This is for women who have been advised to have a laparoscopic hysterectomy. It outlines the common reasons doctors recommend this operation, the potential benefits as well as risks, what will happen when you come into hospital and what to expect when you go home. If you have any questions, please telephone the Women’s Hospital Booking Officer on 01935 384 412.
What is a laparoscopic hysterectomy?
Laparoscopic hysterectomy is an operation to remove the uterus (womb) through four small cuts on the abdomen below the navel. This is known as keyhole surgery. Sometimes the ovaries and fallopian tubes are removed at the same time, which is called a salpingo-oophorectomy. In a total hysterectomy the surgeon will remove the womb and the cervix (neck of the womb).
You and your doctor should discuss the advantages and disadvantages of removing your ovaries or leaving them in (conserving them).
Why do I need a hysterectomy?
A hysterectomy may be carried out to treat many different conditions. These include:
- Heavy or irregular periods
- Suspected or proven cancer of the womb or cervix
You may have been given advice on alternatives to surgery
as drug treatments, coils or more minor surgery.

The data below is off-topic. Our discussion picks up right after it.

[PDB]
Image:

The choice of
treatment depends on the nature and extent of your conditionas well as personal factors.
If you have a hysterectomy:
- You will not have any more periods
- You cannot become pregnant – so there is no need for contraception
A hysterectomy does not mean:
- Premature aging
- Becoming less of a woman or losing your sex drive
- A space left inside your body. This does not happen as the bowel naturally moves to fill the space
How will a hysterectomy help me?
The benefits of hysterectomy depend on the type and severity of problems that you are having. Your hysterectomy may be part of a continuing treatment or it may mean the end of a health problem.
Your surgeon will discuss with you the chances of hysterectomy leading to a cure or improvement in your condition. You should weigh this against the severity of your condition and other available treatments, and also against the risk of not having the operation.
Overall, more than 90 per cent of women who have a hysterectomy are satisfied with the operation. Problems like very heavy periods and any related pain will be cured by total hysterectomy